The body, which represents cryptocurrency and blockchain companies in Nigeria, has joined other players in the cryptocurrency industry to fight the recent Central Bank of Nigeria (CBN) directive against banks. The CBN’s order to keep cryptocurrencies out of the banking system came into effect on May 5. February 2020.
Do not repeat only.
In a statement, the body known as Blockchain Industry Coordinating Committee of Nigeria (BICCON) also rejected the CBN’s claim that the new directive is just a reiteration of what it said in January 2017. The latest directive effectively prohibits financial institutions from providing services to individuals and/or companies trading in cryptocurrencies.
In addition, BICCON contends that CBN failed to properly engage a competent judicial authority or issue an injunction. BICCON also points to the rush and chaotic implementation of the order and how some cryptocurrency companies have been affected by the decision. Biccone explains:
As of February 5, 2021, the accounts of a number of individuals and entities have been closed. In a bizarre and unusual case, funds in two company accounts on a cryptocurrency exchange were removed and eventually closed.
The representative body, however, noted that the ban may face legal challenges as there is currently no legislation in the National Assembly that criminalises or bans cryptocurrency trading in Nigeria.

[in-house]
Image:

Senators against CBN directive
Meanwhile, some members of the Nigerian Senate told BICCON media that they disagreed with the CBN directive before the statement was released. The Nigerian Senate reportedly wants the CBN to explain its decision and the governor, Godwin Emefiele, to appear before the legislature.
However, at least one senator, Sani Musa, has come out in favour of the CBN directive. In his statement, Musa said cryptocurrencies, especially BTC, have rendered the Nigerian currency almost worthless. Another regulator, the Nigerian Security and Exchange Commission, also said it supported the CBN directive. The reports quote the regulator as saying:
For the purpose of inclusion in the SEC’s regulatory incubation framework, the assessment of all persons and products covered by the CBN Circular dated February 5, 2021 will be deferred until such persons can open bank accounts in the Nigerian banking system.
The Securities and Exchange Commission (SEC), which has already announced its intention to regulate cryptocurrencies, justifies the apparent need for further analysis and understanding of the risks. However, the regulator denies that there are any contradictions and inconsistencies between what the Securities and Exchange Commission said in September 2020 and its current position on the CBN Directive.
At the same time, BICCON’s statement also addresses some of the false claims about cryptocurrencies that the CBN spread in its follow-up statement. The panel also discusses what Nigeria, which is already the largest cryptocurrency market on the African continent, has to lose if the ban is not revised or lifted.
According to BICCON, Nigeria will miss out on an increase in remittances to the country. Transferring money through cryptocurrencies has proved popular with a growing segment of the Nigerian expatriate community. In addition, the representative body says if the policy is not revised, the country will see the death of Nigeria’s centralized cryptocurrency exchanges, especially local cryptocurrency exchanges that need regulatory support to become globally competitive.
Do you think the CBN will reconsider or revise its position? You can tell us what you think in the comments below.
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